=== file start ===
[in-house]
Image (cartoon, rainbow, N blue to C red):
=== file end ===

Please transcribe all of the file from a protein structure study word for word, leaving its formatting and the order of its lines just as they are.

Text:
[in-house]
Image (cartoon, rainbow, N blue to C red):